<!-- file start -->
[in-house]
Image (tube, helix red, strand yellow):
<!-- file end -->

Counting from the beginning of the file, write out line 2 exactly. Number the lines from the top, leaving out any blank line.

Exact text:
Image (tube, helix red, strand yellow):